HONESDALE - The borough's Department of Public Works is working extra hours to clear the snowbanks around the parking meters.

Despite the overtime pay, the borough currently has enough money budgeted thanks to action taken at a meeting in November 2014.

At that time council President James Brennan issued an order saying DPW and other borough departments must get approval in order for employees to work overtime hours, unless in the event of an emergency.

As a result, the borough saved on overtime costs in November and December. It now has enough money budgeted to pay for the extra hours for snow removal.

Brennan said Friday he did not know exactly how much the borough saved in November and December, but it was a significant amount that carried into the new year.

"I felt it was a good policy," said the council president.

The DPW does not need Brennan's approval for overtime in an emergency such as plowing during heavy snow, according to the council president. The DPW worked overtime hours Monday and Tuesday in order to plow the roads.

Brennan gave the DPW approval to work overtime on Thursday, Friday and today in order to clear the snow from the sidewalks.

DPW Director Rich Doney said the department is working to clear snow around the parking meters in the borough. More overtime may be needed since more snow is predicted overnight Sunday.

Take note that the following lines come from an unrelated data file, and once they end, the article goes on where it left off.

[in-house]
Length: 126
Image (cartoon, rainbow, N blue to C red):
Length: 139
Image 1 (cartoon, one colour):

The DPW has six employees, four full-time and two part-time. Hourly employees receive time-and-a-half pay for every hour that exceeds eight hours in a work day.

The average overtime pay is $25 per hour, per employee. With six employees the total comes to about $150 per hour, Brennan said.

The DPW employees have worked 18 overtime hours since Monday, plowing the roads and clearing the snow from the sides.

Brennan also has given overtime approval for further snow removal today.

Councilman Robert Jennings noted that the snow removal, after plowing, is important because the accumulation can lead to oversized snowbanks that could pose a safety hazard.

When the snow is removed from the side of the streets, it is transported to and dumped on borough property off Fair Avenue.

Parking tickets are generally not issued at meters where heavy snow has accumulated.

Alice Warnock, parking enforcement officer, said the borough tries to give leeway to motorists and doesn't expect them to scale snowbanks to put money into meters.